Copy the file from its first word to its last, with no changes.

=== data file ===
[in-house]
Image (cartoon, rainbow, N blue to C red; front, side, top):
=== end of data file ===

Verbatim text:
[in-house]
Image (cartoon, rainbow, N blue to C red; front, side, top):